Neilson sets up his argument by providing a history of the Church’s participation in the creation of its own public image, beginning in the 1830s, initially through proselytizing efforts that led to an often-negative perception of Mormonism. He then launches into his account of LDS participation at the Chicago fair and its impact on a more sympathetic public assessment of the Church. He concludes with a brief summary of the Church’s participation in later world’s fairs, through 1934, to demonstrate further the importance of the 1893 Chicago experience in molding future efforts in public relations. According to Neilson, the World’s Columbian Exposition of 1893 and the 1933–34 Century of Progress International Exposition, also held in Chicago, act as “bookends to tell a larger story of the church’s accommodation and assimilation into the larger American religious mainstream” (207).
In his introduction, Neilson summarizes LDS participation in world’s fairs. Noting that much has been written on nineteenth-century popular representations of Mormons, he finds that “much less has been written on how the Latter-day Saints themselves were participants in the construction and contestation of their own image in America” (6). The ensuing chapters of the book are his efforts to meet that need.
The first and longest chapter, on the history of Mormonism’s self-representation, largely through missionary work, from 1830 to 1892, gives a history of the Church’s negative reputation based on alienating doctrines that emphasized theological differences. Neilson divides the Church’s pre-1893 self-representation into two periods: the founding period (1830–46), which was a defensive and reactive time of pamphleteering; and the pioneer period (1847–90), which was a period of aggressive use of print media by the Church to represent itself by emphasizing doctrinal differences over similarities. This latter period included the 1852 public announcement by the Mormons that they were openly practicing polygamy. Neilson views this period as “a public relations disaster” (46).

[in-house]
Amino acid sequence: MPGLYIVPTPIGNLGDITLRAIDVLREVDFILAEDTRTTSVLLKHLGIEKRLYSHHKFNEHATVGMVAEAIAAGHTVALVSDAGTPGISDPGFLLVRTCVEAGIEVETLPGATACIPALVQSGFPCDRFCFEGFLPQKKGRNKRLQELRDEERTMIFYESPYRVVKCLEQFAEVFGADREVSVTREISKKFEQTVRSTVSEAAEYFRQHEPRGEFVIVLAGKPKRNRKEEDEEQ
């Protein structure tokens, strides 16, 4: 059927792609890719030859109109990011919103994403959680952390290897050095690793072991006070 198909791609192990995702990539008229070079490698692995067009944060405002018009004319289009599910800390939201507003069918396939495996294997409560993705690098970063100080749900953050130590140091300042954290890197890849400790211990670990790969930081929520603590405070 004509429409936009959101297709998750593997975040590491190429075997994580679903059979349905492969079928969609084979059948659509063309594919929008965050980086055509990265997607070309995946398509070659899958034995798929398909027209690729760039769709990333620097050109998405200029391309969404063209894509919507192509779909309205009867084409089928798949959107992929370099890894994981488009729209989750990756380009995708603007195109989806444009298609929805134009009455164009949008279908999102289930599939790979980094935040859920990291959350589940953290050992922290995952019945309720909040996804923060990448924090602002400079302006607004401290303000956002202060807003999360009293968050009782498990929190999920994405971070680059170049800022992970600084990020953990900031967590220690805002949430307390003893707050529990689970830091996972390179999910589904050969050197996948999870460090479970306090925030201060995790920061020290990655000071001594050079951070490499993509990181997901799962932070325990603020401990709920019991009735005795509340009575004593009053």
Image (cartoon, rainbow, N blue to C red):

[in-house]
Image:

In chapter 2, Neilson gives a history of Utah’s participation as a territory at the Columbian Exposition. Utah would not be granted statehood until 1896, three years after the fair. As Neilson points out, the Chicago fair occurred three years after President Wilford Woodruff issued the 1890 manifesto prohibiting polygamy. At this juncture, according to Neilson, the Church was looking for public relations opportunities in its bid for statehood. The Chicago fair provided a chance to showcase the territory’s achievements and lessen national prejudice. Ultimately, the territory produced the best mineral exhibit, winning thirty medals along with thirteen awards for its agricultural exhibition. The Utah Building attracted crowds with its display of a fifteen-hundred-year-old Native American mummy from a cliff-dweller tomb.